I naively assumed that we just feed the mud pots our kitchen waste, add some dry leaves and Eureka, we get compost. For the first few weeks, nothing much happened to the kitchen waste. I added the leaves, the neem powder religiously and the waste just dried up inside. You could see dried onion peels, dried banana peels and so on, not that I gazed into my composter that often! Then suddenly, we decided to eat more fruit and indulged in papaya (never liked it as a kid for it looked like a mango and wasnt - felt cheated). We both started devouring a papaya every other day. The peels and seeds went to the composter and they were promptly covered with dry leaves.
Around this time, Sanjeev's mom was visiting us and I was proudly showing off the composter. She wanted to look in and I enthusiastically decided to add more leaves and turn it around. Little did I know what effect the papaya had had. And then I saw them - white creepy crawlies aka maggots. I freaked out, closed the lid and ran to consult google. My dear composter that had been dry so far was suddenly all wet (thanks to the papaya) and housing these creatures. How did they get there? And what do I do now? Most of the links on google had people as squeamish as I was about maggots. I didnt get much help on what I was to do. One suggestion was to put a slice of cheese and all the maggots will come for it. Then pull out the slice and feed it to the chickens! Great! Where am I going to find these chickens now? I sent a help email to Garima and she told me they get maggots too. That was good to hear but I wanted to know what happens to them. According to google, they are fly larva and will eventually fly away.
Common sense finally prevailed and I called Daily Dump. Poonam came on the phone and asked me if the maggots were white or brown/black. When I told her white, she said they were young ones (well, whatever, I dont want them in my pots)! She was a little amused that I had a maggot crisis. She also told me that they are ok and I should look at all the bacteria that work in my stomach etc. That was soothing...so maybe it was natural. She said someone would come over and fix this. That sort of relaxed me. In the meantime, Sanjeev was enthusiastically turning the waste. He had been wanting to throw in some worms from when we got the composter and was excited to see some life (Too bad I couldnt share the excitement)! A person came the next day and he mixed the kitchen waste with dry leaves, added neem and put it in one of the other empty pots. He said in the initial stage, dry leaves need to be added to counter all the water that comes out. So what we learnt (it took a while to put it in practice)
- add dry leaves regularly
- turn the waste every 2-3 days. Otherwise parts of it, especially in the center, towards the bottom of the pot get very wet. A perfect breeding ground for the maggots (I still dont know how they are born. And no, they dont just come on rotting flesh as some folks told me. We dont eat meat. The maggots just come in our veggie waste)
- as the pot gets about half full, turn it, add more dry leaves if needed and put in a new pot. That way I get to the bottom. Sometimes if you try to turn the waste in the pot, you cant reach all the way to the bottom.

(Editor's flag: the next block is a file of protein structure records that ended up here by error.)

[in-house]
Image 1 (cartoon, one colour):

So, initially it is important to keep it dry. Now after the waste was put in a new pot, I checked it after a week and it was bone dry. There were some black dead maggots (haha, little did I know they were only sleeping. They would soon turn into flies!). I just left it that way. When someone from Daily Dump came for another check, he told told me the pot hadnt composted because it was left dry. So at this stage, it was important to keep it wet. He anyway sieved the dry stuff and there was about a kilo or so of compost. But there was a larger quantity (a nice big fat sack!) of dried waste. I could still see some dried peels and such. I wasn’t very enthusiastic about having bags of dried garbage in my balcony. That’s hardly called compost. He told me that we needed to add water to such dry stuff. I nodded vigorously (as I would do the next time he came for a service and repeated the advice) but did not add any water - the composter should know what needs to be done no?
Recently, when I went to Navdanya, I somehow got over my squeamishness and picked up some vermicompost with the worms. I could feel it so much wetter than what we have in our composter. So after I got back, decided to add water to wet the waste. We've done this twice already (once each week) and it does look like something is happening. We still have maggots and flies but am less squeamish about them. How they get there is something I’m just going to leave as one of the things I don’t understand. And probably I don’t need to. If we can manage the composter, so we don’t have too many of maggots and keep the stuff wet enough so it composts, it will be awesome!
Sanjeev had been talking about throwing in some worms into composter since we got it. I dont know if that will work in the pot scenario but will ask Daily Dump for suggestions.
We have been at this experiment for 6 months now and all in all, it feels great not leaving kitchen waste in a plastic bag out in the corridor every morning. Composting at home feels right, though we might take many wrong turns in our experiment. What is important is that we are learning in the process and trying to be responsible for some of the mess we create.
So, if you have a well-ventilated balcony, this is a no-brainer. It smells a little but it’s not bad (unless you haven’t turned the waste in a while) and you get used to it. And no, we haven’t had any cockroaches in the composter as some folks were concerned (only maggots:)).